done, What conjuration, and what mighty magic, She gave me for my pains a world of sighs: (For such proceeding I am charged withal,) She said 'twas strange, 'twas passing strange; I won his daughter with..
'Twas pitiful, 'twas wondrous pitiful: Her father loved me; oft invited me; She wished she had not heard it; yet she Still questioned me the story of my life
wished From year to year—the battles, sieges, That Heaven had made her such a man: fortunes,
she thanked me; That I have passed.
And bade me,
if I had a friend that loved I ran it through, even from my boyish days, her, To the very moment that he bade me tell it. I should but teach him how to tell my story, Wherein I spoke of most disastrous And that would woo her. Upon this hint chances;
I spake: Of moving accidents, by flood and field; She loved me for the dangers I had passed; Of hair-breadth 'scapes i' the imminent And I loved her that she did pity them.deadly breach;
This only is the witchcraft I have used.
COMMONWEALTH OF BEES.
So work the honey bees;
Which pillage they with merry march bring Creatures that, by a rule in nature, teach To the tent royal of their emperor: [home The act of order to a peopled kingdom. Who, busied in his majesty, surveys They have a king and officers of sorts : The singing masons building roofs of gold; Where some, like magistrates, correct at The civil citizens kneading up the honey: home:
The poor mechanic porters crowding in Others, like merchants, venture trade Their heavy burdens at his narrow gate; abroad :
The sad-eyed justice, with his surly hum, Others, like soldiers, armed in their stings, Delivering o'er to executors pale Make boot upon the summer's velvet buds; The lazy yawning drone.
STORY OF THE SIEGE OF CALAIS.
EDWARD III., after the battle of Cressy, laid siege to Calais. He had fortified his camp in so impregnable a manner that all the efforts of France proved ineffectual to raise the siege, or throw succours into the city. The citizens, under Count Vienne, their gallant governor, made an admirable defence. France had now put the sickle into her second harvest since Edward, with his victorious army, sat down before the town. The eyes of all Europe were intent on the issue. At length famine did more for Edward than arms. After suffering unheard-of calamities, they resolved to attempt the enemy's camp. They boldly sallied forth; the English joined battle; and, after a long and desperate engagement, Count Vienne was taken prisoner, and the citizens who survived the slaughter retired within their gates. The command devolving upon Eustace St. Pierre, a man of mean birth, but of exalted virtue, he offered to capitulate with Edward, provided he permitted them to depart with life and liberty. Edward, to avoid the imputation of cruelty, consented to spare the bulk of the plebeians, provided they delivered up to him six of their principal citizens, with halters about their necks, as victims of due atonement for that spirit of rebellion with which they had inflamed the vulgar. When his messenger, Sir Walter Mauny, delivered the terms, consternation and pale dismay were impressed on every countenance. To a long and dead silence deep sighs and groans succeeded, till Eustace St. Pierre, getting up to a little eminence, thus addressed the assembly:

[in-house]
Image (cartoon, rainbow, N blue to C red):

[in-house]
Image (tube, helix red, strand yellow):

“My friends, we are brought to great straits this day. We must either yield to the terms of our cruel and ensnaring conqueror, or give up our tender infants, our wives, and our daughters, to the enemy. Is there any expedient left whereby we may avoid the guilt and infamy of delivering up those who have suffered every misery with you, on the one hand, or the desolation and horror of a sacked city, on the other? There is, my friends; there is one